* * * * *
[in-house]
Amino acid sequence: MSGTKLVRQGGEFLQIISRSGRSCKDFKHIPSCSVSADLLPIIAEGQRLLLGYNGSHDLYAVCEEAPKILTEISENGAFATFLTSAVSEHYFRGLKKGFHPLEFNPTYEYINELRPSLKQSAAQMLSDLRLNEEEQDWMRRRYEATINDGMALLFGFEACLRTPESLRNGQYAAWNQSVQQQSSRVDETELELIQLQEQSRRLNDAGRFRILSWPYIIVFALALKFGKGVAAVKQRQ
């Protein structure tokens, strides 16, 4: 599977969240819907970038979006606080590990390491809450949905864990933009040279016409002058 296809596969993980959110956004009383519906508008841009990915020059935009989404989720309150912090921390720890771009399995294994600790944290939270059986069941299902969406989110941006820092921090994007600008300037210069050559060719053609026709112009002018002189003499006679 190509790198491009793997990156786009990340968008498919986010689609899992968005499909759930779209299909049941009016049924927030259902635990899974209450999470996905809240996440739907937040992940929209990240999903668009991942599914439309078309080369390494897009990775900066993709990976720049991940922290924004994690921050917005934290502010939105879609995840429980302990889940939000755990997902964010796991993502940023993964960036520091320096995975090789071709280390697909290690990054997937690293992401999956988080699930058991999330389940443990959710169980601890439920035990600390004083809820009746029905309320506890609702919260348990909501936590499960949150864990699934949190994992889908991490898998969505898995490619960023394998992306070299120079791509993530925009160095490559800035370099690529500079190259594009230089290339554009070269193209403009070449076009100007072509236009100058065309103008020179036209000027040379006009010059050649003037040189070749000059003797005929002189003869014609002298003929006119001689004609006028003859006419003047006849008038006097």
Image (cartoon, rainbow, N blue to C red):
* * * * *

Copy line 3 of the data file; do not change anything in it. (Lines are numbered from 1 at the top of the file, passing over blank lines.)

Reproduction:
């Protein structure tokens, strides 16, 4: 599977969240819907970038979006606080590990390491809450949905864990933009040279016409002058 296809596969993980959110956004009383519906508008841009990915020059935009989404989720309150912090921390720890771009399995294994600790944290939270059986069941299902969406989110941006820092921090994007600008300037210069050559060719053609026709112009002018002189003499006679 190509790198491009793997990156786009990340968008498919986010689609899992968005499909759930779209299909049941009016049924927030259902635990899974209450999470996905809240996440739907937040992940929209990240999903668009991942599914439309078309080369390494897009990775900066993709990976720049991940922290924004994690921050917005934290502010939105879609995840429980302990889940939000755990997902964010796991993502940023993964960036520091320096995975090789071709280390697909290690990054997937690293992401999956988080699930058991999330389940443990959710169980601890439920035990600390004083809820009746029905309320506890609702919260348990909501936590499960949150864990699934949190994992889908991490898998969505898995490619960023394998992306070299120079791509993530925009160095490559800035370099690529500079190259594009230089290339554009070269193209403009070449076009100007072509236009100058065309103008020179036209000027040379006009010059050649003037040189070749000059003797005929002189003869014609002298003929006119001689004609006028003859006419003047006849008038006097």